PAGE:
Coronado: Just Across the Bridge

When you live in Southern California, blessed with year-round sunshine, blue skies and breezy weather, you don’t have to go far to feel like you’re on vacation. Take last weekend. On Memorial Day, the family and I–with Oliver and Henry in tow–made a day trip to Coronado, an island that’s just minutes away, reachable by crossing the Coronado Bridge or taking a ferry.

It’s a treasure to be certain, home of the beautiful and majestic Hotel del Coronado or, as we locals call it, The Del. It is a hotel rich with history. The Del has served as the backdrop for several movies, including one of my favorites, Some Like it Hot, with Marilyn Monroe, Tony Curtis and Jack Lemmon.

L. Frank Baum (The Wonderful Wizard of Oz) did much of his writing here, and many a U.S. president has checked in for a stay in one of its many well-appointed rooms.

Coronado is a spectacular place, indeed. Go there and you are immediately overtaken by its pristine and natural beauty, bright colors, and its openness and a grandeur that harken back to days of yore. And, of course, we couldn’t spend the day there without taking a few photographs. A feast for the eyes!

Wish you were here?

The Hotel del Coronado.

The Hotel del Coronado.

Strolling along the walkway by The Del.

Strolling along the walkway by The Del.


The average cost of a home here is out of range for most of us.

Lucky is the person who can afford to live here.

Or here.

Or here.

I just love Jacaranda trees, particularly when they're in full bloom!

I just love Jacaranda trees, particularly when they’re in full bloom! (By the way, see if you can spot Henry!)


Fields of gold

Of course, since it was Memorial Day, we came across a good many flags, including this vintage one.

Of course, since it was Memorial Day, we came across a good many flags, including this vintage one.

Even the dogs put on their best patriotic colors!

Even the dogs put on their best patriotic colors!

Sock monkeys, too!

Along the main drag, known as Orange Avenue, there are many boutique shops and restaurants that cater to outdoor dining. Plus, you'll find an abundance of beautiful flowers.

Along the main drag, known as Orange Avenue, there are many boutique shops and restaurants that cater to outdoor dining. Plus, you’ll find an abundance of beautiful flowers pretty much everywhere.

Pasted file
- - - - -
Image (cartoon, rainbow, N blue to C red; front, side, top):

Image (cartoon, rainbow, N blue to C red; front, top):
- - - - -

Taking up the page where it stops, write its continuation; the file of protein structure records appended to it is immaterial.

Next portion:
That's my daughter posing in front of the San Diego skyline, as seen from Coronado.

That’s my daughter posing in front of the San Diego skyline, as seen from Coronado.

So, next time you’re visiting San Diego, be sure to add Coronado to your must-see list. But, in the meantime, what’s your favorite vacation spot near your home?

Finally, this is as good a time as any to welcome the more than 300 new followers my blog has gained since I started the Lightning in a Jar series (which, by the way, returns later this week). And, a special thank you to all my followers. You are the best part of blogging!

I’ve Got a Crush on—Who?

Everyone has crushes, right? I can mark my entire life, not by decade or major milestones—First Communion, high school graduation, college, marriage, childbirths, etc—but by the crushes of my life, both celebrity and school. Herewith, is my top-tier list of a lifetime of crushes. See if you can guess which are not the celebrities.

Leslie Caron and Louis Jourdan in "Gigi."

Louis Jourdan:  One of my favorite film experiences was seeing Gigi, which was released when I was three. I adored this movie, which had a young and stylish Leslie Caron frolicking all over Paris. But I fell in love with Louis Jordan, her love interest. I actually saw this film five times when it was still in the movie theater. Mr. Jourdan sent my little heart palpitating—to the moon!

Tony Curtis:  I think I was five when I realized Tony Curtis was a hunk, even before I knew what that meant. I remember wondering if he’d “wait” for me. To grow up, that is. If you saw him in 40 Pounds of Trouble or Boeing Boeing,  you know what I’m talking about.

Fred:  I was in Mrs. Coletti’s first grade class when Fred walked into my life. Those deep, brown eyes! Those Groucho Marx eyebrows! Would you believe I faked having a party just so I could invite him to my house? I don’t know what I planned to do once he got there, and I’ll never know because it didn’t take long for him to figure out he was walking into a trap.

Sir Paul McCartney:  What an experience it was to see the Beatles perform on The Ed Sullivan Show. I was all into the music. She Loves You, I Saw Her Standing There. But it was Paul who stole my heart. I even had an “I Love Paul” button that I proudly wore on my shirt. It was like being pinned by the Beatle himself!

Curtis:  Just like Charlie Brown, I had a little redhead that got away when I was in third grade. Oh, I was head over heels for that boy. He put my science fair project to shame, when he brought in a log cabin he made, complete with electric lights that turned on and off. The allusive Curtis refused to talk to me, that’s how shy he was. And, I was equally shy and so I never said a word to him, but admired him from afar, pining for the day that I would become Mrs. Monica Curtis. Alas, it wasn’t meant to be.

The late Davy Jones with Maureen McCormick as Marcia Brady (The Brady Bunch).